Solace, at a Kmart

(I've wanted to write about a odd revelation I experienced at a Kmart for a few years now. Then, Wil Wheaton beat me to the punch on his blog, writing about a Kmart memory in a post he liked so much he put it in his book. I'm not sure if unconsciously backed off when I read his post (it was before I started this blog and I wanted to write it as a short story) or if I've just put it off too long, but I'm finally writing about it now, before this local Kmart closes.)

There are places in the world that feel like home. Some are home, some are far away and just remind you of home. Some aren't exactly a home, but are so familiar, so comforting that you feel at home. I suppose you could feel this at a church, or in some place of natural beauty like the mountains or the ocean, or at some place that was fun in your childhood like an amusement park or a school, any school.

I've experienced these feelings of home in many different locations. I just never thought I'd feel it at Kmart.

The Kmart by our house I would describe as old school. Yes, it's now technically a Big K and lacks the familiar long Kmart sign you could see from a mile off (there was one off the exit to my Aunt Ceil's house in the far Chicago suburbs that when I was real young was the first recognizable landmark after a long drive from the city), but it is clearly a classic Kmart. I barely visited Kmart since moving from Chicago, maybe to buy underwear, motor oil or cheap sporting goods, but then we moved within about 1 1/2 miles of one when we bought our house. And after Eldest was born, it was a convenient trip if we needed cheap diapers.

One day, he was in the cart and I was wandering around the store, and it hit me -- this feels a little like home. The merchandise. The Kmart logo all over. The snack bar, complete with giant Icee cup. The lack of windows. The low-quality apparel. The store configuration. It all reminded me of going to Kmart as a kid.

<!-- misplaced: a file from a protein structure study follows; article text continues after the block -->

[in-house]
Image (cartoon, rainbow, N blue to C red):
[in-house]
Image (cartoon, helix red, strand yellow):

And it's not like I lived in Kmart in my youth, but it was there as a viable shopping option. There was one on Harlem Avenue in Harwood Heights, another on Dempster and Greenwood in Niles. I saw a Rubik's Cube for the first time at a Kmart. My dad and I bought my mother bowling shoes for her birthday one year at a Kmart. My first golf balls were purchased at Kmart. I can picture its record department in 1981, when I was taking a giant interest in Top 40. Kmarts back then didn't have magazine racks, much to the lament of a video game magazine-obsessed preteen. The clothing racks at a Kmart are unique in a way I can't explain, just as its toy department and sporting goods department.

Amid this recognition, with my first son just several months old and my life clearly in transition, I found solace at Kmart. I walked around the store that day just admiring it, albeit in a campy, nostalgic sort of way. We got our picture, black and white, taken that day in a photo machine that was straight out of 1979 (even the sample photos on the side feature people with 1979 haircuts, only the dollar-bill slot belies any sort of upgrade). This Kmart is never crowded (I went on the day after Thanksgiving last year and avoided insane crowds and bought plenty of Christmas presents) and is so convenient. Yes, I've occasionally bought clothes there, but mostly household items, Christmas lights, etc. This Kmart just feels different than other discount department stores -- it doesn't have the frenetic consumerism of Wal-Mart, the cheery redness of Target, the Wisconsin vibe of Shopko, the unfamiliarity of what Sears has become. With other department stores long gone (Woolworth's, Zayre, TurnStyle, and of course, Venture, which I could write another whole post on) and since Wal-Mart, Target and Shopko didn't invade Chicago until the 1990s, only Kmart has endured in this very small corner of my brain.

But maybe not for long, at least for this store. There is a reason this Kmart is never crowded -- the Salt Lake City neighborhood surrounding it has upscaled past it (and this is Kmart, after all, still perceived as kind of a joke). The first sign of its demise -- the snack bar closed about three years ago. If you can't get an Icee at a Kmart, does it cease to be a Kmart? Wal-Mart owns the building and the land that this Kmart sits on, and it wants to evict its tenant, tear down the old building and build a new Supercenter. Though it's not much of an upgrade as far as reputation goes, Wal-Marts don't generally fail, and this side of town sort of needs one. That will be the trade-off -- cheaper groceries for that tiny bit of solace.

We still go to Kmart a couple times a month, usually to pick one or two things up (yesterday, for example, the boys and I went to buy Father's Day cards). On one visit a couple years ago, "Being With You" by Smokey Robinson played over Kmart's speakers, and it felt like 1981 again and I didn't want to leave. We wandered the store until the song ended, paid for our items and left. To rewrite Robert Frost a bit: Nothing gold can K.


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